In retrofit work, we have seen increased ventilation bring a 5% reduction in building cooling loads. But in humid or coastal locations, it can also create problems: At night, the vents bring in moist outside air that may condense on duct systems.

    Since passive vents work inconsistently, some people recommend powered ventilation fans. But the electric power used to operate the fan usually outweighs the air-conditioning savings. And there's another drawback: Power attic ventilation can depressurize the house and cause gas water heaters to backdraft. It may also draw conditioned air out of the house into the attic, creating a further energy penalty.

    We've conducted tests of photovoltaic solar-powered attic fans in Florida. They run whenever the sun is shining, and we found savings of about 6% on electric bills. But at around $600 for the solar panels plus the fan, the savings don't really justify the cost in simple financial terms.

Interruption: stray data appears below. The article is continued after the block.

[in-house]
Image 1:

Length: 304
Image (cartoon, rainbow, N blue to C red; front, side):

Added Insulation
    Added insulation is another option for cutting heat gain through the roof. It certainly works: One of our studies for a Florida utility showed that boosting ceiling insulation from R-19 to R-30 cut space cooling by about 9% in summer.

    But your mileage may vary. Duct systems in many homes run through the hot attic and may be insulated to only R-4 or R-6. So the air conditioner is sending 55°F air into the duct in a space that can reach 130°F on a hot day. That's a temperature difference of 75°F, across just an R-6 insulated duct wall -- much greater than the 20°F difference you might see from indoors to outdoors across an R-11 or R-19 building wall. And duct surface area is much greater than you might think -- often as much as 25% of the house floor area. During the hottest hours, as much as 30% of the cooling system's capacity can be lost to heat gains in the duct system. Besides the wasted energy, this means it takes longer to cool down the house when the air conditioner kicks in.